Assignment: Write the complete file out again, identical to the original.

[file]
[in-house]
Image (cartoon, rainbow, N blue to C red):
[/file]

[in-house]
Image (cartoon, rainbow, N blue to C red):